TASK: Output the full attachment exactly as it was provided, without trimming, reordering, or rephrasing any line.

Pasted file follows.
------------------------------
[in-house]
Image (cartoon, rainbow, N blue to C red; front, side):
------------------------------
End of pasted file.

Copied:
[in-house]
Image (cartoon, rainbow, N blue to C red; front, side):